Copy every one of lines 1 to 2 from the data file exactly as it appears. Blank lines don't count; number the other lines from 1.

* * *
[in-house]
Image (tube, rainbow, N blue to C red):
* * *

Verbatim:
[in-house]
Image (tube, rainbow, N blue to C red):